I’ve slowly been reading my way through Being with dying by Joan Halifax. I’m finding it to be a thought provoking read. The last chapter I read was on pain and suffering. Joan Halifax is a well known Buddhist teacher so those who follow that tradition will possibly not find this to be a novel thought, but it certainly was to me.

In our culture we are terrified of pain. We avoid pain (physical and emotional) at all costs. Usually by using some kind of numbing behaviour, or indeed a numbing substance! For many us, perhaps even the vast majority of us, there is no distinction between pain and suffering. If we are in pain we must be suffering.

But Halifax makes an interesting separation: ‘Pain is physical discomfort, while suffering is the story around the pain. …. The first arrow, the sensation of pain, is bad enough. But it’s the second arrow–the story we tell ourselves about our pain–that’s the real trouble.’

This idea is fascinating to me. I’ve struggled with physical pain for the last 16 months. It is nothing too dramatic, mostly it is rather mild, with occasional escalations. The most recent variant has been situated in my hip which had made walking (my favourite way to unwind) uncomfortable.

Just in the last few days, since reading this chapter, I have been watching myself. When I am able to separate pain and suffering I am far better able to cope with the pain. It is much more manageable and much less threatening. When the pain gets worse, I am more able to simply accept that it is worse, rather than immediately considering the potential implications. In noticing the variation in the pain, I am also able to see, far more quickly when it diminishes as well.

I suspect that it will take me a long time to really begin to live with what is, rather than immediately creating a story around it.

How do I respond?

The news this week has been filled with horror after horror. The shooting down of the Malaysian Airlines plane over the Ukraine. The violence between the Israelis and the Palestinians. And the Christians who are being forced to flee from Mosul under the threat of death.

What is this world that we are living in? And how do I respond?

One response is simply to try to ignore it all. To get on with my own peaceful life, but somehow that seems inadequate. Besides, the fact that where I am living now is relatively peaceful (in my narrow corridor of life) is just how it happens to be right now. It may not be this way forever. Actually, looking at history, it probably won’t be this way forever!!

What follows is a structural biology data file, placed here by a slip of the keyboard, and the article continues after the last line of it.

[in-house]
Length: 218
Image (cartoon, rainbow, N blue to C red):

So burying my head in the sand seems not to be a good option. But what then? Continually reading news feeds simply escalates emotional response but doesn’t achieve terribly much more than that. I have plenty of my own feelings, I don’t really need the help of sensationalism!!

There is prayer, of course. And I do believe in the power of prayer – although don’t ask me how I think it ‘works’. And I do pray. But somehow praying for situations which are so far removed from my reality can feel a bit empty.

My friend and fellow blogger, Fran Rossi Szpylczyn, wrote about all of this earlier in the week (you can find her post here). Her answer or perhaps better her quest is to focus on finding peace in her own life. To me that seems like a challenge worth taking on.

To me, this means not only looking into myself for areas where I am not at peace. But also being attentive to my being in the world. Are there places, situations or relationships where I cause disruption? Am I the bearer of destruction in any way? Am I sowing the seeds of discontent? Are there any circumstances in which I take pleasure in another person’s pain?

When I start combing through my experience using this frame, I realise that perhaps I am not quite so innocent as I would like to believe. There are times when I operate out of my own unresolved woundings in such a way as to spread the destruction.

On Mandela Day I wrote on my Facebook wall that I was going to let go of old woundings. It occurs me that this may be the project of lifetime, but it seems a project worth doing!

Dealing with suffering

Over the last couple of days I have come across a couple articles on the ways in which spirituality has been commercialized. Whilst I am sure those who have developed spirituality programs for use in business have had good intentions, it seems that the essence has been lost in the process.

The real problem is that at the heart of any spirituality of substance is a paradox which holds both the real giftedness of the individual and the capacity for destruction in tension. This means that when we are riding high on success we are able to recognise that the success is only partly attributable to our efforts – success is always a combination of hard work and serendipity. It also means that when we face circumstances of suffering that we are able to see that again, we are only partly responsible.

Suffering is one of the great conundrums – in Christianity we have no theological argument which can contain suffering, all we have is the image of Jesus on the cross. We have no explanation for why suffering exists that can really comfort us when we are in the midst of such circumstances.

We find the spiritualities of success so alluring. The popularity of the book The Secret a few years ago is one such example. The idea that we can create our own reality, that someone we are in charge of our destiny, if we can just think right is so appealing. (In Christianity, the prosperity gospel is very similar). When things are going well, these ideologies are so provocative and feed into our ego – Look at how well we are doing, we have got it right. And it feels like we are in control.

But when things go wrong, like losing your job or cancer or an unexpected loss, we have no place to turn because we think it is all up to us. And if that were not sufficiently confusing in itself, we discover that our companions who shared our way of thinking now no longer know what to say, and don’t want to be associated with the negativity our new position. Fearful of being tainted, they shy away.

When we are able to sit with suffering in a place of compassionate care we often discover that the suffering isn’t entirely from nowhere, but it also is not usually entirely our fault. There are elements of personal responsibility and elements of this simply being a part of life. We need a spirituality which can help us pick through the rubble effectively.

Any spirituality which emphasises success rather than compassion will be toxic in the long run because such a spirituality will not have the capacity to cope with suffering.